Don’t allow the pump to freeze. Check with garden pond maintenance experts in your area about whether your pump will move water all winter or whether it and the plants in the pond should be removed and stored until winter.
For some plants…just let it grow!
Fresh veggies. Even during snows and freezes, gardeners in many parts of the country can continue to grow and harvest cool-season crops such as lettuce, spinach, beets, and other vegetables by creating a cold frame from inexpensive wire hoops and agricultural cloth.
One of the best parts about the Christmas and Holiday season is how wonderfully decorated the neighborhood gets. Whether it is a simple, traditional display or a set up that would make Clark Griswold jealous, it seems that it just wouldnt be the same if this tradition didn’t exist. Here are some awesome and interesting facts about Christmas Lights.
- The First Outdoor Christmas Light Display went up in 1880
Thomas Edison, the inventor of the first successful practical light bulb, created the very first strand of electric lights. During the Christmas season of 1880, these strands were strung around the outside of his Menlo Park Laboratory.
- Early Electric Christmas Lights Were Expensive
The wiring of electric lights was very expensive and required the hiring of the services of a wireman, our modern-day electrician. According to some, to light an average Christmas tree with electric lights before 1903 would have cost $2000.00 in today’s dollars Until 1903, when General Electric began to offer pre-assembled kits of Christmas lights, stringed lights were reserved for the wealthy and electrically savvy.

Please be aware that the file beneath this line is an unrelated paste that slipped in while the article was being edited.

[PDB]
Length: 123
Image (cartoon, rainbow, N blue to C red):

- The First Light Decorating Contests Were A Marketing Stunt
In 1927, General Electric first used the large, intermediate size base for their new outdoor Christmas light bulbs. General Electric and the various Edison Electric distribution companies sponsored many neighborhood “decorating with color-light” contests in an effort to induce sales of the new outfits. Their strategy worked quite well, as within several years communities all over the United States held friendly decorating competitions at Christmastime.
- The Largest Christmas Light Display is in Australia
In 2014 the display boasted 1.2 million LED lights, on 75 miles of cable in Petrie Plaza mall in Canberra, Australia.
Want the perfect holiday look for your home this year? Organically Green’s expert team can be your Christmas miracle. Call today for more information!
Featured in this article: Ornamental Grasses
Fall Newsletter 2015
Growing Mums can be a bit tricky. Mums are a great fall flower and will add color to your garden well into the season. Here are some tips to grow mums.
Soil preparation. Mums need well-drained soil. If your yard gets saturated quickly grow mums in raised beds with friable soil for good root growth.
If the soil is too dense, add compost and prepare to a depth of 8-12 inches for best performance (about 1 inch deeper than they were in the nursery pot). Mums’ roots are shallow, and they don’t like competition. Plant mums, being careful with the roots as you spread them.